Welcome to The Jayson Law Group LLC’s series on The Legal Aspects of Starting a Small Business in New Jersey series. In our tenth video, we will explore the rules around hiring and firing an employee.
What is At-Will Employment?
New Jersey is considered an at-will employment state, which means that employees do not need an employment contract to work for a given business. Nonetheless, while not expressly required, you may still wish to create an employment contract in order to outline information such as salary, rights and responsibilities, and general expectations.
Depending on the type of work involved, you may also wish to include a non-compete clause or nondisclosure agreement. However, you do not need to write in any contractual obligations regarding the duration of the work (e.g. the employee is bound for one year). Employers may fire employees at any time, provided there is just cause.
Rules for Hiring Employees in New Jersey
The hiring process is strictly governed by state and federal anti-discrimination laws. In general, you cannot discriminate against prospective employees due to any of the following:
Affectional (Romantic) Orientation
Civil Union Status
Domestic Partnership Status
Liability (Armed Forces)
Rules for Firing Employees in New Jersey
The anti-discrimination laws governing firing are somewhat less comprehensive than those related to hiring, but it is still extremely important that you do not engage in any discriminatory firing practices. If you do, you may find yourself at the center of a costly wrongful termination lawsuit later on.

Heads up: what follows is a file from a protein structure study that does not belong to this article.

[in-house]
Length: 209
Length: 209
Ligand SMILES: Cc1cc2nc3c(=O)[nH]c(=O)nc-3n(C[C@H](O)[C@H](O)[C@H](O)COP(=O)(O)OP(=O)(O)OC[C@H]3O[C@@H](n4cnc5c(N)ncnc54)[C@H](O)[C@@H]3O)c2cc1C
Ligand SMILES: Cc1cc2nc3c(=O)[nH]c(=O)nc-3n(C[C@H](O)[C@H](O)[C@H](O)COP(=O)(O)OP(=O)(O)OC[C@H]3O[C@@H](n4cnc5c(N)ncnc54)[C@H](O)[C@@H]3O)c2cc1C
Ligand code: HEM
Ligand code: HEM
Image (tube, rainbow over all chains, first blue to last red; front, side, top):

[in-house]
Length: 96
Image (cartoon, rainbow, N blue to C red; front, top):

Generally speaking, you cannot fire employees due to either of the following:
To give an age-based example, imagine that you manage a team of five salespeople who range in age from 25 to 50, all of whom earn the same salary. The 50-year-old is your top salesperson, but your business caters to a younger demographic, and you feel a younger employee would better appeal to your customers. As a result, you decide to fire the 50-year-old and replace him or her with someone younger. You cannot do this, because you would be discriminating based on age.
If you wish to fire an employee, you must have just cause, meaning the employee actually did something wrong. (To use our above examples, simply being 50 years old or earning $100,000 per year is not a failure or shortcoming.) You can fire a worker if they fail to live up to their responsibilities and expectations, such as speaking inappropriately to a client.
This brings up another good point. It is extremely important for you to keep accurate records of your employee’s mistakes and errors, so that if you do need to fire someone, you can point to the valid reasons which went into that decision. Making this small effort now can help protect you from allegations of wrongful termination later.
A New Jersey business attorney can help keep you and your company compliant with the law. To set up a legal consultation, call The Jayson Law Group LLC at (908) 258-0621 today.